Israel to supply the UAE with missile detection equipment

Israel to supply the UAE with missile detection equipment
Several Houthi strikes targeted the Emirati capital over the past weeks, prompting the UAE to invest in new air defence systems.
2 min read
01 February, 2022
Israel has designed a wide range of equipment to intercept rockets [EMMANUEL DUNAND/AFP via Getty]

Israel will provide the UAE with early warning systems to detect missiles headed towards its territory, Israeli media reported on Monday.

The announcement came in the wake of several strikes carried out by Yemen's Houthi rebels on the UAE capital Abu Dhabi. On January 17, three civilians were killed in a drone-and-missile attacks and on Monday, two ballistic missiles were intercepted.

The UAE started quietly probing Israel on purchasing its air defence systems following the escalation of strikes, the specialised daily "Breaking Defence" reported last week. 

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The two countries have been steadily deepening their economic and security relations after signing the US-brokered "Abraham Accords" in August 2020, which paved the way for the normalisation of relations between Israel and several Arab states.

Despite these warming relations, Tel-Aviv has previously refused to sell its "Iron Dome" and "David's Sling" air defence systems to the UAE out of concern that the technology would leak to other countries in the region.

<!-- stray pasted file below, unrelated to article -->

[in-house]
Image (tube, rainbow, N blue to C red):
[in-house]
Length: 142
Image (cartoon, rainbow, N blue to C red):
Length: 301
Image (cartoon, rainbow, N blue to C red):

Both systems are used to intercept short-range and winged missiles and have been developed and extensively used by Israel to counter rockets launched from the Gaza strip.

Now, Tel-Aviv says it hopes to help build a regional defence system to its benefit, as radars located in the UAE could also detect Iranian strikes headed to Israel. The purchase value of the defence system reportedly amounts to billions of dollars.

For more than six years, Yemen's Houthi rebels have been battling a Saudi-led coalition that includes the UAE, repeatedly carrying out cross-border missile and drone attacks on Saudi Arabia, and launching an unprecedented assault on the UAE on 17 January.

The Saudi-led coalition has recently conducted deadly airstrikes in Yemen to cripple the Iran-backed rebels, in a conflict that is largely seen as a proxy war between Riyadh and Tehran.

The coalition intervened in Yemen in March 2015 months after the Houthis ousted the internationally recognised government. Rebels say they are fighting a "corrupt system" and "foreign aggression". 

Human rights organisations have alleged both sides have committed serious abuses in what the UN has described as the "world's worst humanitarian crisis".